Disposable wet wipes run the gamut – baby wipes, hygienic wipes, cleaning wipes, the list goes on. There is quite a debate on whether or not wipes labeled as “flushable” are truly flushable. Here at Reid & Pederson, we believe that the only things that should be flushed down your toilet are the 3 P’s (we hope we don’t have to spell them out for you!). Let’s break things down and find out exactly what most wet wipes are really made of.
What Are Wipes Made Of?
Baby wipes, hygienic wipes for personal use and cleaning wipes usually consist of non-woven fabric such as cotton or rayon. Using a method where a single sheet of material is cut from a mass of separate fibers, these wipes also contain polyester, polypropylene and/or wood pulp. These microscopic pieces of plastic and wood and their insolubility make it very difficult for wipes of these types to break down in your sewer or septic system…no matter what you’re told. That’s why you should never, ever flush them and instead, throw them in the trash.
Although there are a number of products on the market today that are marketed as being flushable, it’s good knowing what they are made of before flushing them. Most flushable wipes claim to be made of biodegradable tree or plant-based fibers that break down faster. While this may be true, it’s important to understand two things regarding “flushable” wipes.
What Does “Flushable” Even Mean?
First, manufacturers of these wipes are not required to prove flushability of their products. There are no restrictions or regulations put in place today on how these wipes can be marketed and labeled. There’s essentially nothing stopping them from labeling their products however they wish.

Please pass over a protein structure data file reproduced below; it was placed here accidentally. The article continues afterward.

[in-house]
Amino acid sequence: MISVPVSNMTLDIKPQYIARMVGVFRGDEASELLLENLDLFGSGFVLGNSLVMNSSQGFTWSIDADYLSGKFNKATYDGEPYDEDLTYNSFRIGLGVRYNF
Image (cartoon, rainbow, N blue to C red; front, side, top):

Secondly, the tests performed by manufacturers to show the solubility of their products aren’t usually performed under the same conditions as a gently flowing sewer. Manufacturers often perform these tests while putting the wipes under immense pressure and with vigorous shaking and agitation, creating a scenario that shows the wipe breaking down quickly but not under true sewer and septic conditions. These tests are not true “apples-to-apples” comparisons.
Fatbergs & Clogged Sewers
Accumulation of baby wipes in a sewer line, coupled with grease, feminine hygiene products, paper towels and other debris can lead to fatbergs, huge masses of solid waste made up of these items. And while the name may sound funny, they’re anything but. Not only are fatbergs unhygienic, but they’re expensive to fix and extremely gross. If you’re so inclined, learn about the giant fatberg found in London in 2017, weighing as much as ELEVEN double-decker London buses!
Professional Sewer Rodding Help
The bottom line? We see a LOT of wipes when rodding sewers! Although annual preventive sewer maintenance is always your best bet, flushing wipes down your toilet will certainly mean we will be seeing you more than once a year! And remember – for any clogs or backups you’re experiencing, Reid & Pederson is here to help 24 hours a day, 7 days a week – no matter the cause!